Objective—To identify risk factors for successful surgical
management of dogs with atlantoaxial subluxation
Animals—46 dogs managed surgically for AAS.
Procedure—Age at onset of clinical abnormalities,
duration of clinical abnormalities prior to surgery,
radiographic appearance of the dens, type (dorsal or
ventral procedure) and number (1 or 2) of surgeries
performed, grade of postoperative atlantoaxial joint
reduction, and neurologic status prior to surgery (preoperative),
when dogs were discharged from the hospital
(postoperative), and during a follow-up evaluation
(final) were obtained from the dogs' medical records.
Risk factors for surgical success and degree of neurologic
improvement were identified and analyzed for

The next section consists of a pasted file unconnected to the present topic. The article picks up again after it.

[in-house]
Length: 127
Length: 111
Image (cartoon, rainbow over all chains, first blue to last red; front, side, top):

Results—Age at onset of clinical abnormalities ≤ 24
months was significantly associated with greater
odds of a successful first surgery and final outcome
and a lower postoperative neurologic grade. Duration
of clinical abnormalities ≤ 10 months was significantly
associated with greater odds of a successful final
outcome and a lower final neurologic grade. A preoperative
neurologic grade of 1 or 2 was significantly
associated with a lower final neurologic grade.
Potential risk factors that did not affect odds of a successful
outcome included type of surgery performed,
grade of atlantoaxial joint reduction, radiographic
appearance of the dens, or need for a second surgery.
Conclusions and Clinical Relevance—Age at onset
of clinical abnormalities, duration of clinical abnormalities
prior to surgery, and preoperative neurologic status
are risk factors for success of surgical management
of AAS in dogs. (J Am Vet Med Assoc 2000;